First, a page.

Living in the desert is something that is likely to be quite divisive in terms of those thinking it would be great and those more inclined to thinking it would be a nightmare. But if the property in question is as mesmerisingly designed as this brilliant looking Hidden Valley Desert House from Wendell Burnette Architects, we’re pretty sure everyone would be on board for living there here at Coolector HQ.
The Hidden Valley Desert House from Wendell Burnette is situated in an arid Arizona landscape surrounded by cactus and the thoughtfully designed structure might be modern but it doesn’t detract from the ancient plot in which it is situated. This first class piece of architecture carefully follows the contours of its rugged desert site and, in doing so, delivers stunning vistas of the surrounding peaks.
Situated in a small town by the name of Cave Creek, the Hidden Valley Desert House from Wendell Burnette has been placed on a hilly site which has been filled with saguaro and teddy bear cholla cacti which surround the property. The glorious looking game provides out of this world views of the mountains and the sprawling city of Phoenix in the distance. Designed for a couple with grown children who desired a relaxing and serene retreat in which to unwind and this is something that has been achieved with an array of excellent design features and choices.
The Wendell Burnette designed Hidden Valley Desert House has been designed to dovetail with owner’s love of animals. The architects needed to provide an indoor/outdoor house to accommodate the owner’s birds, koi, Rhodesian ridgebacks and one cat not to mention their very specific way of living. With some 3,125-square-foot (290-square-metre) of living space, there is a lot of eye-catching elements to the design of this incredible property.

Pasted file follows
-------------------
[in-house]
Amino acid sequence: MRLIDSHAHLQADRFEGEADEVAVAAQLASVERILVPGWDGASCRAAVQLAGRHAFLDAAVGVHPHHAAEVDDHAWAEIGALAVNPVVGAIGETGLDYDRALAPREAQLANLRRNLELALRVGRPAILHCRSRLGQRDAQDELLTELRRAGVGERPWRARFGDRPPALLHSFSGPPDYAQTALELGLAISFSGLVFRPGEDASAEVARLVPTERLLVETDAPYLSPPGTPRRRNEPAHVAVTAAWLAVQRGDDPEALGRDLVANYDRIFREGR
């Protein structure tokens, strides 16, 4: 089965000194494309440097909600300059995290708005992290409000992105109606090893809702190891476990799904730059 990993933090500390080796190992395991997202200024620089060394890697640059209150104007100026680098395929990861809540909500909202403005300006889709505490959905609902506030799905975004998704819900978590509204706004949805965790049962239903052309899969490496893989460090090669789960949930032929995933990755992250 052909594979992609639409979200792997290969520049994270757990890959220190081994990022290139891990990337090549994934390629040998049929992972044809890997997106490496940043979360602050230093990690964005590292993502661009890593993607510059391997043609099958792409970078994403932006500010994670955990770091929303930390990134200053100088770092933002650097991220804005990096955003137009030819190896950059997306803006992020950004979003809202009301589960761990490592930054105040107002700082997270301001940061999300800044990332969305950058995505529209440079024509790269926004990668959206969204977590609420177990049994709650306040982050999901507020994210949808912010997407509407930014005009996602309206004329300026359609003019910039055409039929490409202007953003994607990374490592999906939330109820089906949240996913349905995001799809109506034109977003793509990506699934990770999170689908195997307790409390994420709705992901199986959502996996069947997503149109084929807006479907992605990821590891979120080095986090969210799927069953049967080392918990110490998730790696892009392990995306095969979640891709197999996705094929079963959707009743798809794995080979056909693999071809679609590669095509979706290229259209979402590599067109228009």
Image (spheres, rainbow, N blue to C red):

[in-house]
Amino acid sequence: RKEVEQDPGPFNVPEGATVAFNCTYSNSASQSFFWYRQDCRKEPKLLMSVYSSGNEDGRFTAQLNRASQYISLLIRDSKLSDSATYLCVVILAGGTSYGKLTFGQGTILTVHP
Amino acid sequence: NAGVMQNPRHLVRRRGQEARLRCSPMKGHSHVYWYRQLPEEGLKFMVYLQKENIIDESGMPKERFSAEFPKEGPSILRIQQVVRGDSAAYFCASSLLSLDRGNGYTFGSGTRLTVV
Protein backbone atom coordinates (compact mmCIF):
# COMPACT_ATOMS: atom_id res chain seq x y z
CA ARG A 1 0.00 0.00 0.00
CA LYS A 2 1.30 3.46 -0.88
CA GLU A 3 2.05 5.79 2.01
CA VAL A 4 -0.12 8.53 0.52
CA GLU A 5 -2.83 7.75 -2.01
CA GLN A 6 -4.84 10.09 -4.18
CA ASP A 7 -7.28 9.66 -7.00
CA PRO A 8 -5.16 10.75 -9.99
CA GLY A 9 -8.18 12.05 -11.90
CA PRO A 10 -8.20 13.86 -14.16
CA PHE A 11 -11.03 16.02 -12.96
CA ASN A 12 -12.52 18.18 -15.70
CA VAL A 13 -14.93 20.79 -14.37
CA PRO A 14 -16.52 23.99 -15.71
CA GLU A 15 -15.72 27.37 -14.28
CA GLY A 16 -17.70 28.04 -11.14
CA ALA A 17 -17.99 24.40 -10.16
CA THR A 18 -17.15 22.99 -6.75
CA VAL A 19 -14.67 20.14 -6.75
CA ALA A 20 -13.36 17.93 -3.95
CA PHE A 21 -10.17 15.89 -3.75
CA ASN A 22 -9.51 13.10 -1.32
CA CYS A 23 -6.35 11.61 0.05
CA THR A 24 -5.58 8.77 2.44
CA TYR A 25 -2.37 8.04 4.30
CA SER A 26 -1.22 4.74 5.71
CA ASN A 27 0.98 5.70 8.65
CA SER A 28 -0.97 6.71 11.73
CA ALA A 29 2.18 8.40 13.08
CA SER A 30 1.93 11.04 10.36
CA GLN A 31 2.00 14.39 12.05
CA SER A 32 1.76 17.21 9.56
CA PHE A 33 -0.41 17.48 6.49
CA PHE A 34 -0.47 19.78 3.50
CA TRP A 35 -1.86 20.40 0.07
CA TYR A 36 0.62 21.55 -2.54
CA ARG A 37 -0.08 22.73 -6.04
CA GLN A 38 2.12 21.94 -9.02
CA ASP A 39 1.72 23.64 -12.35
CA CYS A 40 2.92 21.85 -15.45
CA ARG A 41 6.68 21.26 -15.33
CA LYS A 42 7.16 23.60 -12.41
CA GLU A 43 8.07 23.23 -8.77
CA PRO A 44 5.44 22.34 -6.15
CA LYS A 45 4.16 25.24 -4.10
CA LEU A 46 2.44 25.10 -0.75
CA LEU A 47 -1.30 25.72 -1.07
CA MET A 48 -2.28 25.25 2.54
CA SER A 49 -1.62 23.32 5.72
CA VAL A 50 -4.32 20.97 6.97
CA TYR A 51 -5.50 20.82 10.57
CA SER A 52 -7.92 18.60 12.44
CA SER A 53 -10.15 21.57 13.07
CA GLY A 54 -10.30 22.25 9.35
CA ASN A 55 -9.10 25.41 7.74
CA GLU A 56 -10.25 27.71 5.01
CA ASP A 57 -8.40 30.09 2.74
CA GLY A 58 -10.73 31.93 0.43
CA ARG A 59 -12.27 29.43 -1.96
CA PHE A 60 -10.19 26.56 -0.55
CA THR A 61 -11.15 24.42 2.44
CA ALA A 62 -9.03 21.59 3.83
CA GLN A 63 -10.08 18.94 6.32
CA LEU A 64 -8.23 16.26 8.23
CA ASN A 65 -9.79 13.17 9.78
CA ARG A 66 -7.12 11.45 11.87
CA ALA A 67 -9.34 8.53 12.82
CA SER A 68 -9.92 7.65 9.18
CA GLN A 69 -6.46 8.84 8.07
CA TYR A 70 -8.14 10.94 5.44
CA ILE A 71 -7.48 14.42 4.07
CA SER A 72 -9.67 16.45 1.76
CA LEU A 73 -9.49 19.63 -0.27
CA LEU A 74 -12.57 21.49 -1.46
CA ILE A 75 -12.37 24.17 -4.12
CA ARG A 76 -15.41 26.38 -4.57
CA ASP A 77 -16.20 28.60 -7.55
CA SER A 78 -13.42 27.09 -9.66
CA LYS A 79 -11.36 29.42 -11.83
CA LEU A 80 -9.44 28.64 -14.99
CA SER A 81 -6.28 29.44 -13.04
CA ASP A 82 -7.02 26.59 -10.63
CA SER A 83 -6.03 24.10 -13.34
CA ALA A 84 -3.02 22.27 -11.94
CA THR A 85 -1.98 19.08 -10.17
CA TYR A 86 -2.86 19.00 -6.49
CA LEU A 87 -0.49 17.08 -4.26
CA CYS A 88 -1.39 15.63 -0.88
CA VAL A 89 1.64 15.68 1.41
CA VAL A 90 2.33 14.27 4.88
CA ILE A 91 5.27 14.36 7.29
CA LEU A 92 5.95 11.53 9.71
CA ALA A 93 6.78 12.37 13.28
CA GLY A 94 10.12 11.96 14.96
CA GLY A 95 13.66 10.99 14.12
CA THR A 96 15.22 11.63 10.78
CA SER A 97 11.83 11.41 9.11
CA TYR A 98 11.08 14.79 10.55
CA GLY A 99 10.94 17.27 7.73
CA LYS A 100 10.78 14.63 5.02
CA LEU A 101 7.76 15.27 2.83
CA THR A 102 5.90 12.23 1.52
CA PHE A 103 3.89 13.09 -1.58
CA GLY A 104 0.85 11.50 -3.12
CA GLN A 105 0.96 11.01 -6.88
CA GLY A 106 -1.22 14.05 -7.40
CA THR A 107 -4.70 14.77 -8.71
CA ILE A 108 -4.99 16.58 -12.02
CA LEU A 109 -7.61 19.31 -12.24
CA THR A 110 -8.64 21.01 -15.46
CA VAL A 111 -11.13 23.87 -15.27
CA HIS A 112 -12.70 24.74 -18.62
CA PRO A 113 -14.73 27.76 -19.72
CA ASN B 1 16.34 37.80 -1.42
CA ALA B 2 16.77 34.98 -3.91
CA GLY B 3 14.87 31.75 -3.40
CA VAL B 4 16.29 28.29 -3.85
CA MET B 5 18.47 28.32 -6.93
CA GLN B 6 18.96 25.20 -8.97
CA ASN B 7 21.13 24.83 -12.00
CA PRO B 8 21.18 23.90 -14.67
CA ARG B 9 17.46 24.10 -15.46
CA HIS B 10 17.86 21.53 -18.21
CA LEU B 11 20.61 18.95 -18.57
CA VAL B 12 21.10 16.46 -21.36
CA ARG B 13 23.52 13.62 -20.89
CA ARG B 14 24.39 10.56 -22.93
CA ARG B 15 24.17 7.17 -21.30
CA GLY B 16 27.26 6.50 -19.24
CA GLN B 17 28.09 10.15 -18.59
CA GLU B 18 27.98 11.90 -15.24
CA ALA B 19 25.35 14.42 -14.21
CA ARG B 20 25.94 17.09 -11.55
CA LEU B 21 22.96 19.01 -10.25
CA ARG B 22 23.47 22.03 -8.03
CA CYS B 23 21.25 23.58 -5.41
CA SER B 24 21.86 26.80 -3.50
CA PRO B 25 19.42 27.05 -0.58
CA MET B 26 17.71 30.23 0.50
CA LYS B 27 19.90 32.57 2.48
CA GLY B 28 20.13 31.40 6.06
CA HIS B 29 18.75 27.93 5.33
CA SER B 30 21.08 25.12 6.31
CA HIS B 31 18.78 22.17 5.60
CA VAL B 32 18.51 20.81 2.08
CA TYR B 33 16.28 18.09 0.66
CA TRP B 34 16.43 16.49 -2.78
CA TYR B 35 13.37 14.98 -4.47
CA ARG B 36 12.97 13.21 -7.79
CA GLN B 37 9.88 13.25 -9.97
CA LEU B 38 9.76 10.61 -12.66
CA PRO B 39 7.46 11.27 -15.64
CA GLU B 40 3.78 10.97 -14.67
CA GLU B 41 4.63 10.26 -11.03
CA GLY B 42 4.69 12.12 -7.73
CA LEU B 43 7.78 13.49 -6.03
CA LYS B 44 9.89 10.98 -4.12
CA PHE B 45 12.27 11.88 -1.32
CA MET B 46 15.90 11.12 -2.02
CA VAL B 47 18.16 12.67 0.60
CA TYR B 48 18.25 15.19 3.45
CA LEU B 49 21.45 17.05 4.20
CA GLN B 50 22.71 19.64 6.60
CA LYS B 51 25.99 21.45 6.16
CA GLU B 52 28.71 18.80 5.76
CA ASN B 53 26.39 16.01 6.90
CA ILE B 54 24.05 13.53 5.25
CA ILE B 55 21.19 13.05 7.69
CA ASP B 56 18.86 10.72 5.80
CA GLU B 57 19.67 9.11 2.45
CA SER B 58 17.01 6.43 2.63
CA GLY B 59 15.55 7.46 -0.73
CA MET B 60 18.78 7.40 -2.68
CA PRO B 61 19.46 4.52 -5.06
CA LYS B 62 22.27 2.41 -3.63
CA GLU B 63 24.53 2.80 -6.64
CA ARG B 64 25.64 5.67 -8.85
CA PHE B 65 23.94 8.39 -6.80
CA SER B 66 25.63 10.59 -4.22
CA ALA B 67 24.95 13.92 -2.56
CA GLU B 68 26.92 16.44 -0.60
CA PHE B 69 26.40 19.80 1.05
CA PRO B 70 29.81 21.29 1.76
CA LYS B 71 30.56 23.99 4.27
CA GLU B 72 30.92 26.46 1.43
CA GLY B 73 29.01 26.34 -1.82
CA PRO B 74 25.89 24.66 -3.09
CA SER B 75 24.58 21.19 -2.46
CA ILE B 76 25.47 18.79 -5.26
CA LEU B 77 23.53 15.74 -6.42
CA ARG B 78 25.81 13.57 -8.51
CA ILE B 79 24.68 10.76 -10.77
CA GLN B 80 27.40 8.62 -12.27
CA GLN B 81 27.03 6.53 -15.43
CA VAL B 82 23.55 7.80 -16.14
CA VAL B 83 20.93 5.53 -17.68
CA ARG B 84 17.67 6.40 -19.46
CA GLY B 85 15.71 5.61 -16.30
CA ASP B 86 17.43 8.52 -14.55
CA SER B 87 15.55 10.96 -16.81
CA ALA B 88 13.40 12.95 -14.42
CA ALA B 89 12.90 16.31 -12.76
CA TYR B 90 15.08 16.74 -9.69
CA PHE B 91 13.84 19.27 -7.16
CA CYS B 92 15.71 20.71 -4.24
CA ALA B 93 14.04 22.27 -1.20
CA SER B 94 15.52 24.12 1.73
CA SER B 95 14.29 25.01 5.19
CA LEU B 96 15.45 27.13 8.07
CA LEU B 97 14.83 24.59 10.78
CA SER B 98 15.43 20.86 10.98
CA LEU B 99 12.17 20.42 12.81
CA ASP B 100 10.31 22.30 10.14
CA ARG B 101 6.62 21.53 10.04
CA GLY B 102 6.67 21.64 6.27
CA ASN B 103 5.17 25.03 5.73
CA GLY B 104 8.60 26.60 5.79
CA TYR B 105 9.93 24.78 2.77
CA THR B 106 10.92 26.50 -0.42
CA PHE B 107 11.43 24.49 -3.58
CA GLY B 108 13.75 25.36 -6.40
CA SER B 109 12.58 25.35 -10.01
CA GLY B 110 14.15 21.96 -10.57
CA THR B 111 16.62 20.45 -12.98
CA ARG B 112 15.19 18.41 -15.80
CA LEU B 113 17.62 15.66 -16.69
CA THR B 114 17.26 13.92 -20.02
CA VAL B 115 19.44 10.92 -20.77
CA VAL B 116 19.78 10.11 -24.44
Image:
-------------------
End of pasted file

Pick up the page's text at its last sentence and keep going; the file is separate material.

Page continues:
With the base of the Hidden Valley Desert House having concrete masonry walls, which is an economical material that is regularly used in America’s desert architecture, so as to fit in expertly with its surroundings. Within this fairly opaque plinth of the property, Wendell Burnette Architects were able to incorporate a garage, library, fitness room and storage space which is geared towards the lifestyle of its residents.
The main living space of the Hidden Valley Desert House has the public areas and a master suite. Its various different facades are clad in a combination of cold-rolled steel, a paper-based product known as Richlite, and finished off with rough stucco. The stucco treatment was heavily influenced by the Japanese notion of Wabi-Sabi, whereby imperfections witnessed in a finish are seen as adding to the beauty of it.
When you head inside the Hidden Valley Desert House you’ll see it consists of a cluster of forms – which Wendell Burnette refer to as a “dispersed core” – and this contain programmatic areas which also serve as partitions to split up the different living spaces of the dwelling. Situated in a small desert town outside of Phoenix, Arizona, this contemporary design and build is definitely one the has caught our eye here at Coolector HQ.